Symposium Delivered (and Reslience Tested!)

Connecting audience with sustainability data
and content through the heart. -Arlene Birt

Today we delivered our symposium "Artists as Partners in Infrastructure Education" at the the National Council for Science and the Environment (NCSE) 2018: The Science, Business, and Education of Sustainable Infrastructure: January 23-25, 2018, Washington, D.C.

Cathy Abene via video: posing the idea that perhaps engineering
students should have more exposure to the arts in their
education so they can be more oriented to the
possibilities in art-infra collaborations.
It was a close call, testing the panel's resilience to weather and technology challenges. With over a foot of snow at the Minneapolis-St.Paul Airport delaying flights, two of our panelists, Shanai Matteson and Cathy Abene couldn't get their flights rescheduled in time and joined the symposium via video, to join Jonee Brigham, Arlene Birt, and Anna Eleria in DC.

Thanks to the participants who came to our session, we had a lively discussion about the practice of engaging artists in infrastructure and science work, and discussed challenges and questions. "How do artists' roles get funded on these projects?" We discussed multiple models, including building time for artists into capital improvement projects, grants, consulting, and more.

Anna noted that sometimes the artist's role supports public outreach budget categories that already exist. Another participant asked, "How do you foster meaningful collaboration between scientists or technical professionals and artists in a way that is mutually respectful?" Several of the artists and attendees noted that setting up a situation where there is ample time to learn each others' area of knowledge and ways of thinking is important, as well as time to build relationships. Shanai also pointed to the importance of bringing artists in early, - as they can help shape the questions that the science team is asking. --Artists can then be collaborative in conception of  a project, not just translation of its results. Another participant asked "Should we -or how can we,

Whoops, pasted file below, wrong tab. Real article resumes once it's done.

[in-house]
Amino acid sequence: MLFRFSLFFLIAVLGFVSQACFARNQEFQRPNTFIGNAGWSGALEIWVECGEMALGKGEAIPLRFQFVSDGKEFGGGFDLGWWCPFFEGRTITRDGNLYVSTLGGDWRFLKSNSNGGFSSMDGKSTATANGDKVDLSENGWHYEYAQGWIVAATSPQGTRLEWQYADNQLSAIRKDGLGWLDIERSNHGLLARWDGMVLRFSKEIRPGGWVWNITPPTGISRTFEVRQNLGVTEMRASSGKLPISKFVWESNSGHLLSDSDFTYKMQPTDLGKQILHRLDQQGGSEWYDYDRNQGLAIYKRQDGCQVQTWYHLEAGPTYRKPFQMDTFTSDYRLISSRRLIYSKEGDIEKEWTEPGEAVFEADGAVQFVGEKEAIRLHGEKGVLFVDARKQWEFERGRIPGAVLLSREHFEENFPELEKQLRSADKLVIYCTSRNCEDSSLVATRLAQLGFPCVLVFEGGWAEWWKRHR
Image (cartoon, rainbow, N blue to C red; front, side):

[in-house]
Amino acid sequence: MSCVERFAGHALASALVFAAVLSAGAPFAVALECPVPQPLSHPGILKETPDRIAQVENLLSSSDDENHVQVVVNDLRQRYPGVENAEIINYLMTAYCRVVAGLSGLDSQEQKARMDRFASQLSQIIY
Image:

Shanai's Water Bar presentation "We serve water," is a literal
practice (serving different tap waters to foster dialogue)
as well as the mission to serve water resources and
the communities associated with them.
apply science to the question of how artists and scientists can collaborate and what the outcomes are?" Shanai noted work she's done with a social scientist to try to inform that question and also noted that Artplace organization is looking at quantifying art-environment benefits. But this one is trickier to answer, perhaps because this work is still evolving and changing rapidly. Perhaps together, in an extended conversation on this website, we can address how to inform and improve best practices in art-infra (and art-sci) collaborations, and get at the benefits in order to support more of this work of collaborative innovation toward sustainability.

So thank you to our participants, and again, please contact us (see the about page) and enter comments, questions, and contributions to this website.
PDFs of our presentations are now posted on the NCSE Symposium page.
-Jonee and the Art-Infra panel.


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